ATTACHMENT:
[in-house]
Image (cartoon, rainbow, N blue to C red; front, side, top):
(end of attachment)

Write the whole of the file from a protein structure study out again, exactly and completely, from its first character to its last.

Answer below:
[in-house]
Image (cartoon, rainbow, N blue to C red; front, side, top):